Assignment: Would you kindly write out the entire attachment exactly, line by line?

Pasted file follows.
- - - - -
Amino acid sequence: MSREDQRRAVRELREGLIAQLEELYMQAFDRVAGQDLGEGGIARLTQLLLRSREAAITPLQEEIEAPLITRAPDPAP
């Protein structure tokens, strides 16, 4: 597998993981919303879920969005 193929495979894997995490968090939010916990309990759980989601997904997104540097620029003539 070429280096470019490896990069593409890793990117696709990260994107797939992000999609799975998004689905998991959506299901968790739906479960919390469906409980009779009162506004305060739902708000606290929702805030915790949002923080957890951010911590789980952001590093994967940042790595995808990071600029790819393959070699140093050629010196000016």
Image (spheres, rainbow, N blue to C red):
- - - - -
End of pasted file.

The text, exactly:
Amino acid sequence: MSREDQRRAVRELREGLIAQLEELYMQAFDRVAGQDLGEGGIARLTQLLLRSREAAITPLQEEIEAPLITRAPDPAP
């Protein structure tokens, strides 16, 4: 597998993981919303879920969005 193929495979894997995490968090939010916990309990759980989601997904997104540097620029003539 070429280096470019490896990069593409890793990117696709990260994107797939992000999609799975998004689905998991959506299901968790739906479960919390469906409980009779009162506004305060739902708000606290929702805030915790949002923080957890951010911590789980952001590093994967940042790595995808990071600029790819393959070699140093050629010196000016």
Image (spheres, rainbow, N blue to C red):